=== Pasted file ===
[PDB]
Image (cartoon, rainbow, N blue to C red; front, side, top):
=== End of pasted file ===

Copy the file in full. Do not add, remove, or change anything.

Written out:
[PDB]
Image (cartoon, rainbow, N blue to C red; front, side, top):